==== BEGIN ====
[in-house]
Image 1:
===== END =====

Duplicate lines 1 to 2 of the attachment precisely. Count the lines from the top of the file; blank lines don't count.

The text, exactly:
[in-house]
Image 1: